combustion modification technique.
Further modelling work would be required
to allow the use of the model as a
quantitative tool for guiding the design of
improved combustion equipment. The use
of this mathematical model capable of the
quantitative description of chemical
kinetics, transport effect, and combustion
operating and design parameters is too
complex to be used directly at present.
This is so because major pieces of
information are still lacking on the detailed
chemistry of N
2
O formation in combustion
reactions (particularly under the fuel rich
condition) and the fluid dynamic and heat
transport behaviour of flames and
combustion gases. Based on the above
consideration, in the phase 1 stationary
N
2
O study, this model was used based on
premixed, gaseous hydrocarbon fuel/air
combustion. Methane was used to simulate
natural gas combustion. The principal
features of this model were the following:
a. One-dimensional, homogeneous
gas phase reaction system. Plug
flow equation consisting of series
of stirred reactors
b. Specified flow velocity, pressure
and flow area profiles
c. Specified heat transfer options
Heat transfer rate profiles
Heat transfer coefficients and
wall temperature profiles
Gas temperature profiles
Quenching rate profiles
d. Heat generation described by two-
step overall kinetics of
hydrocarbon oxidation to CO,
combustion to CO
2.

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e. Simplified, uncoupled Zeldovich
chain kinetics used to calculate
N
2
O concentrations under fuel lean
conditions; 0-atoms assumed to be
in equilibrium with molecular O
2
.
f. Multiple point injection of fuel, air
or flue gases, allowing the
simulation of two stage combustion
and flue gas recirculation.
The mass and energy conservation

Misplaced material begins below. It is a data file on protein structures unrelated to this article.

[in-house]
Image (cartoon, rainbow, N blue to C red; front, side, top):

equations were solved by an implicit
integration scheme using Newton-Raphson
iteration technique. Compared with
explicit integration scheme, the implicit
scheme offered the advantages of not
being subject to the ignition problem,
since the resulting equations were
equivalent to those for stirred reactor, and
of being much more stable than explicit
integration scheme which may fall apart,
if the integration step is too large.
The first-generation model was used to
predict the rate of N
2
O formation in large
gas fired boilers, as a function of excess
air, preheat temperature, quenching of the
combustion gases. Because of its premixed
mixture, the model predicted peak N
2
O
emission at about five percept excess air,
instead of a monotonic decrease of N
2
O
with decreasing excess air as experienced
in actual practise with diffusion flames.
Below stoichiometric air supply
conditions, the model could not be used to
predict N
2
O concentrations, as discussed
above. However, in spite of its idealized
nature, the models predictions of N
2
O
emissions from large gas fired boiler were
of the right order of magnitude under
excess air combustion conditions. Also,
the directional effects of flue gas
recirculation and two-stage combustion
(operating the first-stage with
stoichiometry air supply) were correctly
simulated for NO emission reduction. Air
preheat temperature was shown to be
important; resulting in sharply increasing
N
2
O concentrations with increasing air